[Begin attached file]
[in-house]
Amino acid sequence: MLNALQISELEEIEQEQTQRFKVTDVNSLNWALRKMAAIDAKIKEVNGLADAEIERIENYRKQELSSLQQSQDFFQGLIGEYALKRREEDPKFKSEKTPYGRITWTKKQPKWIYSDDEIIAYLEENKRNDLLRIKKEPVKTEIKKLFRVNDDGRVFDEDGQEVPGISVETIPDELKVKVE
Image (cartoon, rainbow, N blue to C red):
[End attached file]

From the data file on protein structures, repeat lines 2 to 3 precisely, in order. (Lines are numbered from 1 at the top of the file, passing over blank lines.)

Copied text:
Amino acid sequence: MLNALQISELEEIEQEQTQRFKVTDVNSLNWALRKMAAIDAKIKEVNGLADAEIERIENYRKQELSSLQQSQDFFQGLIGEYALKRREEDPKFKSEKTPYGRITWTKKQPKWIYSDDEIIAYLEENKRNDLLRIKKEPVKTEIKKLFRVNDDGRVFDEDGQEVPGISVETIPDELKVKVE
Image (cartoon, rainbow, N blue to C red):